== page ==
When I look at the years I have lived since my Dad died they predominantly are marked by these two huge movements in Irish culture. Cessation of violence in the north followed by a long and often frustrating peace process and the ‘legalisation’ of homosexuality followed by a long and often frustrating process of acceptance and openness in society. These movements are ongoing. They may take many more years to fully bloom to their full potential and I, like my father, would say give them time.
Since returning to Ireland I noticed the voice of Brenda Power regularly turning up on radio. She was not really known to me before living in London and then spending time at sea. I looked her up online and was interested to see that she was known for her opposition to gay marriage and in particular for an article she had written for the Sunday Times last summer. I read the piece and was struck by how part of her viewpoint resonated with me.
Opening the article Power questions how easy it is for a man ‘to make a serious political point on the shortcomings of the new Civil Partnership Bill while he is wearing half a wedding dress and calling himself Miss Panti’. Reading this I had to stop and think how much research Brenda had put into the gay community in allowing herself to open her article like this. As one blogger noted:
‘Let me get this right. Your argument is don’t give gays the same rights as everyone else because some people wore drag in a recent parade? This is like saying we must not allow any Irish people get married or ever have children when some of them dress up as leprechauns on St Patrick’s day.’
Aside from this initial faux pas she does go on to make some very relevant points. Now I am not well read on the legalities of what the Civil Partnership Bill allows so I will refer to what the Irish Council for Civil Liberties stated at the time of the Bill’s publication, hailing it as “broadly progressive”:
“This new legal structure offers a solid foundation for the recognition and protection of loving same sex relationships. However, although it is solidly grounded, the Bill remains a halfway house to granting genuine equality to same sex couples through full civil marriage.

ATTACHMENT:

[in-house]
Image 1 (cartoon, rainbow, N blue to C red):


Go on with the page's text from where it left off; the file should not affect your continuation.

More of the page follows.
Now the onus is on those who, for religious or other reasons, still believe that it is acceptable to discriminate against people on the basis of their sexual orientation to explain why their prejudice should be reflected in law”.
I take from this a reading that we, as Irish citizens, have taken a huge step in the publishing of the bill but that it will take a little more time to reach our destination. And they, meaning those who, for religious or other reasons, still believe discrimination to be acceptable should be allowed the time.
Brenda Power makes the point that, ten years ago,we as a nation could not possibly have dreamed of such provisions coming to fruition. Her argument falls down once again when she states:
”But it’s the omissions in the bill…that have irked the more vocal campaigners. They want to be able to marry, with exactly the same status and ceremony as heterosexual pairs, and they want to be able to adopt and co-parent children just like straight couples. The new bill doesn’t grant them those rights. And as long as they choose the likes of Panti to argue their case for equality, it’s difficult to see that changing.”